Visits are priced differently depending on what you want to see. Check out the admission fees on the official website before planning your trip.
Coimbra University is open to tourists from 9:00 am – 5:00 pm every day.
You would want to spend at least 2-3 hours here to see the best that the university has to offer. Get a good pair of shoes because there’s a lot of walking and climbing involved.
The University of Coimbra is listed on the UNESCO World Heritage list and makes for the perfect heritage destination in Central Portugal.
Located in the Center of Portugal, relatively close to Leiria, the Batalha Monastery is one of the most famous landmarks in Portugal.
Batalha means Battle in Portuguese, and the monastery was built to commemorate the decisive victory of the Portuguese against Castille.
Built through almost two centuries (1385-1580) in an impressive Manueline style, Batalha Monastery has been a UNESCO heritage site since 1983, and it was considered one of the seven wonders of Portugal in a contest in 2007.
The monastery is huge, so it should take at least two hours to visit it.
Batalha Monastery opens every day from 9:00 am to 6:00 pm (6:30 pm between the 1st of April and the 15th of October), with the last entrance 30 minutes before closure.
The ticket costs €6, but there are discounts for children, groups, and the elderly.
The visit will include the main nave, the cloisters, the chapterhouse, and the unique unfinished Chapels. The royal cloisters and the unfinished chapels are some of the most intricate works in Portugal and a reason alone to visit Batalha Monastery.
25. Castle of Guimarães
Recommended by Jorge & Cláudia of Portugal Things
Located in the North of Portugal in Guimarães is one of the most iconic landmarks in Portugal, the Castle of Guimarães.
This famous landmark is one of the most important locations in Portugal’s history because it is the birthplace of Portugal.
The Castle of Guimarães was built in the 10th century to defend the city from attacks from the Moors and Norsemen. In the 11th century, D. Afonso Henriques (Portugal’s first King) was born and lived in this castle.
It was also where the nobleman and Afonso Henriques plotted the idea of making Portucale independent from the Kingdom of Leon (Spain).
Near the castle, Afonso Henriques won the battle of S. Mamede against his mother, ensuring the independence of Portugal. You can find, in front of the castle, a statue in homage to Afonso Henriques, the first Portuguese king.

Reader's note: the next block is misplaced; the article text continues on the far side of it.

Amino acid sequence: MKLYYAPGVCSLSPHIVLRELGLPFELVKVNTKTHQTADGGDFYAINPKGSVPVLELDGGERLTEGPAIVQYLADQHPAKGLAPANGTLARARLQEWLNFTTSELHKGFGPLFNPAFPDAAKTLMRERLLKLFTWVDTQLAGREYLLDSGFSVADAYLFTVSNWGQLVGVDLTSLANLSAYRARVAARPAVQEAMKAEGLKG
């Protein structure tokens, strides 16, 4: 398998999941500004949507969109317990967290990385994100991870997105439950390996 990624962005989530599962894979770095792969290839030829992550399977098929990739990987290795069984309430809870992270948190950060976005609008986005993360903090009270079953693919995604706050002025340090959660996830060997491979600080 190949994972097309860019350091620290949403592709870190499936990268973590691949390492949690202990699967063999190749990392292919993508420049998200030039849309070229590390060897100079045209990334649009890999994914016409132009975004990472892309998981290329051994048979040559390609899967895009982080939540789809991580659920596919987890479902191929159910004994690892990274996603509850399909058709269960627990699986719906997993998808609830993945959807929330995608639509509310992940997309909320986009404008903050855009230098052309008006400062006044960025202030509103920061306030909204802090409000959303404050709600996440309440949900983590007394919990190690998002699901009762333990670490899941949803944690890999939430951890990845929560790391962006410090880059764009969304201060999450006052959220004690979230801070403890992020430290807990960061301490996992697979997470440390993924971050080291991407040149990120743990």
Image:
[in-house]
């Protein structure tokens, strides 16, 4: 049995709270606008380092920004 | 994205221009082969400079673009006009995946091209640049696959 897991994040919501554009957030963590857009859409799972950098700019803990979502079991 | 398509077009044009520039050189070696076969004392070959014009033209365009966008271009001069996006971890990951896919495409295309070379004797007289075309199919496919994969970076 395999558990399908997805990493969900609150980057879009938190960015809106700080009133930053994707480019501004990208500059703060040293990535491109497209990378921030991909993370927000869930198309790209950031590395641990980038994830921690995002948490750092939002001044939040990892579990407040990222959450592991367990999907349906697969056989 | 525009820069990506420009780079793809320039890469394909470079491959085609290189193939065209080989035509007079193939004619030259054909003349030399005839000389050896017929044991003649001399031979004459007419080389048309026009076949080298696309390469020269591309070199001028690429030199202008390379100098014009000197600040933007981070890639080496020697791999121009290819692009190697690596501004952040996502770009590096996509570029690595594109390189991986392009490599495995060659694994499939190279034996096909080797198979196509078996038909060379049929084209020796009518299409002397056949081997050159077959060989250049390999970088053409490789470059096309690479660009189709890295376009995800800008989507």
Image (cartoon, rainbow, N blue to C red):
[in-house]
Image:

Besides its historical importance, the castle is a fun visit, as it is well preserved and a good place to learn about Portugal, climb the fortifications and enjoy the views of the city of Guimarães.
The entrance fee to visit the castle is €2. It is recommended to spend about one hour exploring the castle.
In front of the castle, there’s also the Palace of the Dukes of Bragança which is also well worth visiting.
Tours you might find interesting:
26. Chapel of Bones
Recommended by De Wet of Museum of Wander
The Capela dos Ossos, or Chapel of Bones, is one of the best most popular places to visit in Evora and one of the rather extraordinary landmarks in Portugal.
The small chapel is more than just a catchy name: the entire interior of the chapel is decorated with human bones and skulls.
Built during the 17th century, the Chapel of Bones is still a vivid reminder to visitors today about how temporary and fragile life is.
As you enter the chapel, look out for the phrase above the doorway. It translates as These bones that lay here wait to welcome yours.
The skulls and bones come from an estimated 5000 bodies exhumed when the cemeteries in Evora got overcrowded.
It takes about 30 minutes to see the small but macabre chapel. The chapel is part of the larger ChurchSão Francisco, which is included in the admission fee, so also plan to spend at least another 30 minutes seeing the church.
The Chapel of Bones is located inside the citywall of Evora on Rua da República. It’s open between 9:00 am and 5:00 pm, and the entrance fee is €5 for adults.